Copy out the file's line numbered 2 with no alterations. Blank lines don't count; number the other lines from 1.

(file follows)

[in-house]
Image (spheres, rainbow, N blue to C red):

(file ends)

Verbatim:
Image (spheres, rainbow, N blue to C red):